Methylcobalamin is the kingpin, one of the two active, natural forms of B12. It helps in reducing homocysteine concentrations and generates SAMe (S-adenosyl methionine), which is the most important methyl donor in our body, and supplying methyl groups for critical chemical reactions to help maintain health. Methylcobalamin shows its greatest utility with people suffering from acute or chronic degenerative neurological symptoms.
Cyanocobalamin is a synthetic form of vitamin B12 found only in supplements, while methylcobalamin is a naturally occurring form that can get through either food sources or supplements. Cyanocobalamin is a synthetic form of vitamin B12 that can be converted to the natural forms methylcobalamin and adenosylcobalamin. The body may absorb cyanocobalamin better, while methylcobalamin has a higher retention rate. Cyanocobalamin a form of vitamin B12 is considered to be a cheap, synthetic, mild toxic and an inactive form of B12. It consists of a cyanide donor in its chemical structure and is the most commonly used commercial preparation of vitamin B12 used. It is considered as the most stable form, because of the cyanide molecule present in the structure has the great attraction to the cobalamin and protects it from extreme conditions like high temperatures. It is not absorbed well orally and requires methyl groups to detoxify it.
The molecule that is attached to the cobalamin is known as a donor. The two most common donors in the available supplements are cyanide (making cyanocobalamin B12, or cyano B12), and methyl (making methylcobalamin B12, or methyl B12). Other forms of B12 we find are hydroxocobalamin and adenosylcobalamin. It is used more frequently in supplements, since it is considered to be more stable and cost-effective than all the other forms of vitamin B12 available. When cyanocobalamin enters to the body, it is converted to either methylcobalamin or adenosylcobalamin, these are the two active forms of vitamin B12 in humans. When cyanocobalamin is absorbed, it converts to hydroxocobalamin (which means discarding of the cyanide in the process) and then to methylcobalamin and adenosylcobalamin. When taken through oral route, absorption of this form is enormously reduced in case of any gastric acid problems. Besides, cyanocobalmin takes more than 48 hours to eventually convert to usable and active component methylcobalamin, and even then also only a small amount is converted. During this conversion it requires the interaction of possibly depletion of glutathione and other agents.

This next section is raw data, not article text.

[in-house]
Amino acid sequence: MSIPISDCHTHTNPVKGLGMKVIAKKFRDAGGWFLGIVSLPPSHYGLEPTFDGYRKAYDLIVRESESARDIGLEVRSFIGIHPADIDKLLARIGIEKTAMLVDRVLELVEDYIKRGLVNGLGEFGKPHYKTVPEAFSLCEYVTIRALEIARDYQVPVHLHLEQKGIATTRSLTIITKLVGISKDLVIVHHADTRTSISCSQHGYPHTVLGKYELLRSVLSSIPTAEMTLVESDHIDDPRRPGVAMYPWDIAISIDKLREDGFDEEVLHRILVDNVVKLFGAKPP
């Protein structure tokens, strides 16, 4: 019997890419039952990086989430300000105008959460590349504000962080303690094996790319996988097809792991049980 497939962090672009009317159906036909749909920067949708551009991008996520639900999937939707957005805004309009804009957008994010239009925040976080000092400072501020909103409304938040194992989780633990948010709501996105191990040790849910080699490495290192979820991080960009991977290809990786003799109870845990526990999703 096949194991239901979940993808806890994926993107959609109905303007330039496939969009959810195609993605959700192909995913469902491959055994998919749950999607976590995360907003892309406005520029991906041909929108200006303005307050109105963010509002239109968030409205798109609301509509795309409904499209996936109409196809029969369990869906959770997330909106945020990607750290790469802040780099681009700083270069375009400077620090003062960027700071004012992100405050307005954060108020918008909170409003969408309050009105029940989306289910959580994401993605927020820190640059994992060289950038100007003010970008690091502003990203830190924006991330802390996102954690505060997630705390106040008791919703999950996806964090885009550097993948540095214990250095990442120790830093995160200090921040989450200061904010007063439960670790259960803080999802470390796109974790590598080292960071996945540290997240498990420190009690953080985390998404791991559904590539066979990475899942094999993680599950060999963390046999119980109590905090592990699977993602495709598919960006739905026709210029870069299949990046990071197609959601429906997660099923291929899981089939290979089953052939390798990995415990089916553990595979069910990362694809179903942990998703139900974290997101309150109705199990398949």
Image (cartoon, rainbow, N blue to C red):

The recent ban on methylcobalamin by Food Safety and Standards Authority of India (FSSAI) in Gujarat has been badly impacted due to the ambiguous nature of the regulatory. Methylcobalamine is a significant pharmacopoeial ingredient employed in pharmaceuticals as well as in food supplements and it is prescribed to treat vitamin B12 deficiency in people with pernicious anemia, and the methylcobalamin manufacturers in Gujarat have stopped manufacturing of methylcobalamin.
Cyanocobalamin takes a lot of effort to reduce it to the active form; hence cyanocobalamin absorption varies greatly between individuals. Methylcobalamin is considered significantly better utilized compared to other forms and is around 2.5 times more potent than cyanocobalamin. Even though similar doses are absorbed, but once absorbed, methylcobalamin due to its high plasma protein binding capacity is accumulated and retained in the body much better than cyanocobalamin therefore the retention time is more. In any form, methylcobalamin has higher bioavailability than cyanocobalamin. It is so efficient that even orally it was found effective in pernicious anemia.
Vitamin B12 plays a vital role in helping human body produce red blood cells. Low vitamin B12 levels cause a reduction in red blood cell formation and prevent them from developing properly. Healthy red blood cells are small and round, whereas they become larger and typically oval in cases of vitamin B12 deficiency. Due to this larger and irregular shape, the red blood cells are unable to move from the bone marrow into the bloodstream at an appropriate rate, causing megaloblastic anemia vitamin B12 is involved in red blood cell formation. When vitamin B12 levels are too low, the production of red blood cells is altered, causing megaloblastic anemia. Globally 99 per cent people are in need of extra vitamin B12, and methylcobalamin would be considered as a better option compared to cyanocobalamin. It exhibits many neuroprotective effects, improving brain cognition back to normal levels. Plus, methylcobalamin is donating an extremely valuable methyl group that further enhances our health (and does not steal any, like cyanocobalamin does). This is especially important for pernicious anemia patients or anyone suffering from high homocysteine levels. This donation of methyl groups may be the reason why methylcobalamin is helpful to multiple conditions. According to health professionals, methylcobalamin is a form of vitamin B12 and to be taken to regulate certain vital bodily functions such as cell multiplication, blood formation and protein synthesis.